The Only Show In Town
There’s a scene in the movie Shrek in which Shrek tells his sidekick Donkey, “Ogres are like onions.” “They stink?” asks Donkey. “No,” retorts Shrek. “Onions have layers. Ogres have layers.” This shop, The Only Show In Town is like an onion (or an ogre). It also has layers. A lot of them.
From the outside, the first thing that comes to mind is “tourist trap.” The entrance is filled with chachkies: painted coconuts, refrigerator magnets, key chains, retro metal signs with quirky sayings.Then, as your eyes adjust to the light and clutter, another “layer” of the store reveals itself.
The antiques and collectibles in the store are quite unusual. A Coca Cola scale caught my eye. Priced at $900, it’s partially buried by a bunch of plates and a carved wooden turtle. There are vintage lanterns and tea pots. Intriguing bottles of all sizes, from small opium/snuff bottles to antique liquor bottles set along the window. Authentic Hawaii currency. Vintage fishing reels. Cheap elastic bracelets. The juxtaposition is wonderful.
The middle of the store is dedicated to beads. Many look Indonesian, others hail from China. Mystical beads. Stone beads. Odd shapes and unusual colors. My favorite: black and white strands from Africa that were carved from bone.
When it come to glass fishing floats, this store is The Only Show In Town. Forget the new floats that look generically perfect—almost plastic. These are the old handblown glass balls with glorious imperfections. The more unusual and the more interesting, the more expensive. I was intrigued by a float about the size of a tennis ball with water inside. No cracks, but about an eighth of a cup of water sloshing around. Go figure. That one’s priced about $40. They also have floats larger than basket balls, with bumps and wobbles and bubbles in the glass. You could almost imagine them bobbing in the ocean, strung together by Japanese and Chinese fishermen to hold up and mark their nets. If you grew up in Hawaii, you might even remember a time when these floats were plentiful. They’d wash up on the beach and it seemed everyone had at least one. Over the years the floats became a hot item for thieves, and now, you can only find the real ones in stores like this one.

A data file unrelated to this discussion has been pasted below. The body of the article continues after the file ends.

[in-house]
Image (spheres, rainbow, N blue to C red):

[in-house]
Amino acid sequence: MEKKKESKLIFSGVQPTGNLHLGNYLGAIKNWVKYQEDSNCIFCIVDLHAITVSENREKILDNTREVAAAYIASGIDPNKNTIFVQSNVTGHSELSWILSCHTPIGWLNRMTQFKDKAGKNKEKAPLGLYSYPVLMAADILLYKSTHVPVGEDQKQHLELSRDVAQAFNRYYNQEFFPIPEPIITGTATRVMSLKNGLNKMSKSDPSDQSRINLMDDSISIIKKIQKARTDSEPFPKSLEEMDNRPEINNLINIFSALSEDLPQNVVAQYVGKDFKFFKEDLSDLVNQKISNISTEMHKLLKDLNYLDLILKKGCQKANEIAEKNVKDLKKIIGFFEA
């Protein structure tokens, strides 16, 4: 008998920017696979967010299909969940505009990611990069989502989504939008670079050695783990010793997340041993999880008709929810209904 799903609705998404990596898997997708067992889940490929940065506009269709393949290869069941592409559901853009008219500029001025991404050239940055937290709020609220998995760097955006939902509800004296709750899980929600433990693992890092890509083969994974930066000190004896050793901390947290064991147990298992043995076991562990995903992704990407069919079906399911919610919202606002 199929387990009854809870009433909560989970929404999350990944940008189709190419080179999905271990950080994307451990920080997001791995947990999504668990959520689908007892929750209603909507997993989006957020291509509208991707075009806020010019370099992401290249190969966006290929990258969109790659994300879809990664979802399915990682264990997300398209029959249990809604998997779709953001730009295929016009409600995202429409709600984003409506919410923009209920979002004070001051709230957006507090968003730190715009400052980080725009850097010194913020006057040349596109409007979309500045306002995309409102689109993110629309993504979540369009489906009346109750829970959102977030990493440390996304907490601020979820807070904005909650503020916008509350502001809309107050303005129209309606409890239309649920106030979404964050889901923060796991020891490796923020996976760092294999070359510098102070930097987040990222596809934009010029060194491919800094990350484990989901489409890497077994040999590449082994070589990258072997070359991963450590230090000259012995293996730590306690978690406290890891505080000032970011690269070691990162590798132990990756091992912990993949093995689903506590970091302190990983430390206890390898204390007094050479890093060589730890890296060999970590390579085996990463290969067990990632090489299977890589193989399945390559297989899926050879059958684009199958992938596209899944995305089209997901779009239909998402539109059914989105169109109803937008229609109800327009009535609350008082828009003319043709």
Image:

If there’s one photo I wish I took, it was of the dozen or so taxidermied puffer fishes hanging around the store with stuck-on google eyes, wide-open mouths, hollow bodies, and spikes that shoot out like a startled porcupine. This would come under the chachkie category, perfect for your Gilligan’s Island home.
You’ll find The Only Show In Town and proprietor, Paul Wroblewski, near the windmills in Kahuku, not far from Turtle Bay Resort and the shrimp trucks. One word of warning—we went in thinking it was a quick stop, but an hour later we were still milling around. :: The Only Show In Town Antique & Vintage Collectible Shop, 56-901 Kamehameha Highway, Kahuku, Hawaii. 808.293.1295.